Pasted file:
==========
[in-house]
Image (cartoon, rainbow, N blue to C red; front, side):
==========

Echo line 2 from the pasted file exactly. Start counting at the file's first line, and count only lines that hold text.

Image (cartoon, rainbow, N blue to C red; front, side):